Bank lending and credit risk control can be likened to the American-type presidential system of government, one powered by strong democratic values. In a presidential democracy, power is shared among three tiers of government and protected by clearly defined separation principles. The three tiers of government-executive, legislative, and judicial-function independently but under a checks-and-balances arrangement. Similarly, the crux of bank lending is usually three-pronged. This is depicted as the three Pillars of credit risk management-credit analysis (Pillar 1); credit policy and control-also referred to as credit administration or credit compliance (Pillar 2); and loan workout, remediation, and recovery (Pillar 3). I summarize the purposes of the Pillars as follows: Credit analysis institutionalizes processes for assessing lending risk and structuring a credit facility. This implies that credit risk must be properly identified, appraised, and effectively mitigated. This methodological framework, and the analytical functions it embodies, paves the way for efficient structuring of a credit facility. Credit administration ensures that the lending portfolio is of high quality, profitable, and effectively managed. This Pillar subsumes issues involved in enforcing credit control and compliance. Regular portfolio review, loan loss provisions, and internal credit ratings are some of the critical assignments implied in credit administration functions. Loan recovery seeks, regularizes, and adopts measures to ensure that a bank always has efficient processes for loan workouts, remediation of nonperforming loans, and the recovery of classified or lost risk assets. Each of these functions in Pillar 3 helps to improve the quality of and returns on the credit portfolio. The approach to and methodology for dealing with issues implied in the Pillars have witnessed dramatic changes over time. Yet, the goal of credit risk control remains immutable. The goal in question is addressed and largely fulfilled in the content of and expatiation on Pillar 1. An effective process in the pursuit of risk identification, risk analysis, and risk mitigation-all of which Pillar 1 subsumes-holds the key to successful lending. Striving to perfect these lending criteria has been, and will continue to be, the superstructure on which credit risk management hinges. One reason is that it defines a methodology that has become commonplace. Another reason is that it builds on the hallowed lending principles commonly referred to as the five Cs. The third reason is that the so-called five Cs of lending also underlie credit risk management in practical terms. A fourth reason is that Pillars 2 and 3 are simply postmortems on Pillar 1. Besides, Pillar 1 informs actions lending officers take in pursuit of Pillars 2 and 3. Yet in order to build a quality lending portfolio, the three Pillars should function in independent capacities within the dictates of checks-and-balances rules. However, working relationships among the Pillars are scarcely well ordered in banks in emerging economies, thus leaving room for avoidable lapses. In drawing the analogy between a presidential democracy and credit risk control in banking, I make a case for the institutionalization of oversight of lending as a means of attaining quality portfolios in emerging economies.

Defining the Problem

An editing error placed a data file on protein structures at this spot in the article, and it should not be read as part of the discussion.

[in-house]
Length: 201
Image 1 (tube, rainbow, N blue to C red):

It is bad enough that regulators try-but all to no avail-to tame the excessive risk appetites of banks. It is worse that reckless lending persists in banks and keeps the financial system on the edge of a precipice. Sadly, global financial crises in recent history originated in inefficient lending and failed risk management. More worrying yet is that this quirk has become a recurring phenomenon. Most disturbing is that the problem is unlikely to give way without a serious overhaul of the methodology for risk management. Ironically, the pursuit of this goal-a foolproof credit risk management methodology-has been an absolute nightmare for bank management and regulators. Today, many see credit risk as a hotbed of reckless banking. More than ever before, the attention of banking and finance experts around the world is now focused on credit risk. The Basel Committee has led this cause with Basel I (1988), Basel II (2004), and Basel III (2010). While Basel I dealt exclusively with credit risk-to underscore its importance-Basel II and Basel III advanced the cause even as they also focused on market, operational, and liquidity risks. Regrettably, crises in the global financial system have never been well ordered. The financial crises of the 1970s and 1980s were not anticipated, as was also the case for those of the 1990s. They caught regulators and bank management completely unawares. Some of the emerging markets and regions that experienced crises included Latin America (1980s), Mexico (1994-1995), and Asia (1997-1998). In each case, the crisis left bitter lessons of experience for government, economists, and financial experts, especially bank managements. The banking systems in the emerging markets of Africa, Europe, and the Middle East have suffered similar fates at one time or the other. In most cases, the crises became a contagion and had practical and compelling lessons. But for the large stock of nonperforming risk assets within these banking system portfolios, the tempo of the crises and magnitude of national economic losses incurred by the countries would have been manageable. Unfortunately, an unmanageable volume of nonperforming risk assets tends to cause liquidity pressure for banks and make them vulnerable to such systemic crises. The financial crisis of 2007-2009 was the most embarrassing and lingered on for too long. The main culprit whenever financial crisis rocked the industry, especially in the 2007-2009 case, was usually credit risk. On each occasion of crisis, regulators found ways to rationalize a flawed supervisory framework in the wake of a crisis, while bank management prevaricated reckless lending. The public tends to distrust regulators and bank managements when authorities make hollow excuses for avoidable crisis. Besides, failure to anticipate crises impinges on the soundness of the financial system. Often, as would be expected under the circumstances, a postmortem on each crisis triggered some regulatory response. Basel I addressed findings from the postmortem of the 1970s and 1980s crises. The postmortem of the 1990s crises informed enactment of Basel II. In the manner of its predecessors, Basel III originated in the 2007 to 2009 financial crisis. Now, hopes are high...